The Changing Face of Farming: Urban CSA #realfood

CSAs move into towns and cities...

Community supported agriculture is a great way to take a step closer to the food you are eating, allowing you to know exactly where your food is coming from, who’s growing it and how it's being grown. CSAs have been around for a while, but in recent years local farms have taken a step closer to your table at home: they are filling in the spaces in our towns and cities.

Urban farmers like Emi Do are ring fencing agricultural areas as cities grow around them, as well as finding unconventional spots to produce food on a small local scale.

"By bringing farming to the city, we are in essence bringing food production closer to the people it feeds. I love that I get to engage in dialogue with my neighbors and that my profession is one that nourishes them."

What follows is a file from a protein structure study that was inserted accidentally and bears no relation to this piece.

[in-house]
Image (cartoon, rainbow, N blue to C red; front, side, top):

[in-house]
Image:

Urban farms are wide spread enough now that you can almost guarantee that every city will have one or two, and you might be surprised at the growing power these small corners of land have, we’re not talking the occasional lettuce here. When I stopped by Yummy Yards in Vancouver Emi explained to me that this season she is growing: kale, swiss chard, collards, spinach, salad greens, arugula, cabbages, carrots, beets, turnips, radishes, onion, kohlrabi, leeks, scallions, garlic, squash, pumpkin, zucchini, beans, peas, eggplant, peppers, cherry tomatoes, cilantro, parsley, basil, and more!

It's great for the community!

While urban farms can and do supply restaurants and markets, the real power of these projects is that they can provide the communities around them with food via Community Supported Agriculture (CSA).

If you are in Vancouver you can find out more about Yummy Yards’ CSA here, or Yummy Yards' Foodtree page here. Aternatively investigate your local CSA scene to find something similar near you!